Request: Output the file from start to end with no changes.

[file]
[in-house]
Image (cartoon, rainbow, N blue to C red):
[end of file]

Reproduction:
[in-house]
Image (cartoon, rainbow, N blue to C red):